Ms. Harrison has an active Supreme Court and appellate practice, including successful oral arguments in the Supreme Court and federal Courts of Appeals.  Representative matters include:

  • Welch v. United States, in which the Court held that the hundreds of persons serving mandatory-minimum sentences imposed under the Armed Career Criminal Act’s “residual clause” may obtain relief from their sentences following the Court’s invalidation of the residual clause as unconstitutionally vague.
  • Argued before the US Supreme Court on behalf of the Petitioner in Nken v. Holder, 129 S. Ct. 1749 (2009), and obtained a 7-2 victory.  The Supreme Court’s decision set the standard for temporary stays of removal in federal court.
  • Represented the petitioner in the US Supreme Court in Kucana v. Holder, 130 S. Ct. 827 (2010).  The firm served as co-counsel for an asylum-seeker from Albania in a case regarding the authority of federal courts to review certain immigration decisions left to the discretion of the Attorney General by statute.  The Firm secured a 9-0 victory.
  • Authored significant amicus briefs in a variety of Supreme Court cases, including Flores-Villar v. United States, 09-5801 (2010) (equal protection challenge to gender discrimination in U.S. citizenship laws);Kiyemba v. Obama, No. 09-581 (use of habeas corpus to challenge unlawful overseas detention); United States v. Denedo, 129 S. Ct. 2213 (2009) (availability of post-conviction relief in the military courts); Bartlett v. Strickland, 129 S. Ct. 1231 (2009) (vote dilution under Section 2 of the Voting Rights Act); Kimbrough v. United States, 128 S. Ct. 558 (2007) (sentencing for crack-cocaine crimes); and Town of Castle Rock, Colorado v. Gonzales, 545 US 748 (2005) (due process challenge to non-enforcement of restraining order).
  • Served as key member of appellate teams in cases involving contract claims over insurance coverage, scope of tort claims for malicious prosecution and unfair competition, rate-setting decisions of administrative boards, and numerous other commercial and constitutional litigation matters.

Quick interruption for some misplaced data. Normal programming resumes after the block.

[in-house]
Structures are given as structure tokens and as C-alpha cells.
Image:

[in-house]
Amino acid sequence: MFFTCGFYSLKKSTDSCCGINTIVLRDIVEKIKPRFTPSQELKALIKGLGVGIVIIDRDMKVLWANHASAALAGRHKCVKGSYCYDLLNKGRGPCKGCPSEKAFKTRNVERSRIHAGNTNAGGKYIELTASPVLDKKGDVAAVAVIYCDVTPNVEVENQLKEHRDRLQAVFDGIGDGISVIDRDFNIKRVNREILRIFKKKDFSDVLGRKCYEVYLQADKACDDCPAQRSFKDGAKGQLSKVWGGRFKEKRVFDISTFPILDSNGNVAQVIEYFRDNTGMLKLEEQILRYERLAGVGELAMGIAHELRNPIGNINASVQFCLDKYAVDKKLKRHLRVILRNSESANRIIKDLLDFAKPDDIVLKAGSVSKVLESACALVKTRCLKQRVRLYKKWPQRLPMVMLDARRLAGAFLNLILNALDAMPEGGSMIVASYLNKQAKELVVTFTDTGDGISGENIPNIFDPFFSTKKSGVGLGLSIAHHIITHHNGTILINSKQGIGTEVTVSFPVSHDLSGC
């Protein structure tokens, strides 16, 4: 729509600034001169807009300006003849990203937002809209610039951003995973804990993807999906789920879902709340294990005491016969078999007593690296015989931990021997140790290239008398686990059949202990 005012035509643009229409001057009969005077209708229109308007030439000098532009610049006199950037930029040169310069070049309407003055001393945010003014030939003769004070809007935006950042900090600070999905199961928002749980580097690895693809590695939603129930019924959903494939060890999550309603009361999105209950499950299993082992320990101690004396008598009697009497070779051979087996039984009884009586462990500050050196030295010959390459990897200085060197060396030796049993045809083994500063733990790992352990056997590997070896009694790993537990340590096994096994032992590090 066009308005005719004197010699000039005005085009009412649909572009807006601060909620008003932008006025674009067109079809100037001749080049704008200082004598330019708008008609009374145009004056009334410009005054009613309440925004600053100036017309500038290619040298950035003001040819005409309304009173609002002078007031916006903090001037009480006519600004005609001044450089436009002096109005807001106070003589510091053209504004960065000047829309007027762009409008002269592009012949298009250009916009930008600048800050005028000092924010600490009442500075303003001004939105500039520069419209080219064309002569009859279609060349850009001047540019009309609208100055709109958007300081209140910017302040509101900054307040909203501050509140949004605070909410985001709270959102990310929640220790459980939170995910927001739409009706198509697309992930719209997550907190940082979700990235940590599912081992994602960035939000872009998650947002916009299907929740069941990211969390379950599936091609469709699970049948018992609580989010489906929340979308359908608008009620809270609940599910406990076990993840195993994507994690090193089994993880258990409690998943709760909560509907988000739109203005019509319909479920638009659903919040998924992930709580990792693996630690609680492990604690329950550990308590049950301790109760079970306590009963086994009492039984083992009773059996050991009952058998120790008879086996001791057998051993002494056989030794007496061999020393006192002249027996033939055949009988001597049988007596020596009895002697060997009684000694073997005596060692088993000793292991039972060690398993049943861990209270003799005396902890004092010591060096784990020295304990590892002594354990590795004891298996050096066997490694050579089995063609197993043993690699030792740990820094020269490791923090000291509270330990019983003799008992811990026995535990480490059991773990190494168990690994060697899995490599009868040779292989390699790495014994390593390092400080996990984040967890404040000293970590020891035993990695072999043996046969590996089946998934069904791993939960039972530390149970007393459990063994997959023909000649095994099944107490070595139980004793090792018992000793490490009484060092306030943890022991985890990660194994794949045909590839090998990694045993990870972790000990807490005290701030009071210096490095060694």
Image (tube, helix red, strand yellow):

• City of Los Angeles v. Naranjibhai Patel: The US Supreme Court agreed with and cited an amicus brief filed by Ms. Harrison on behalf of the US Chamber of Commerce, the world's largest business organization, representing the interests of more than 3 million businesses of all sizes.  The case concerns the constitutionality of a section of the Los Angeles Municipal Code that requires hotel operators to record and keep specific information about their guests on the premises for a 90-day period and to make those records available to “any officer of the Los Angeles Police Department for inspection” on demand.  In a 5-4 opinion on June 22, 2015, the Court held that the section is facially unconstitutional because it fails to provide the operators with an opportunity for pre-compliance review.

Ms. Harrison also has an active commercial litigation and arbitration practice, with a specialty in matters involving the hospitality industry and recording industry.  Representative matters include:

  • Cityfront Hotel Associates Limited Partnership et al. v. Starwood Hotels & Resorts Worldwide Inc.., et al.:  Ms. Harrison defended the $13.6 billion merger between Marriott International and Starwood Hotels & Resorts against challenge by two hotel owners who alleged the deal violated non-compete provisions in hotel management agreements.  After the owner sought a preliminary injunction, Jenner & Block persuaded the New York Supreme Court to deny the injunction bid and allow the merger to conclude.  The merger completed in September 2016.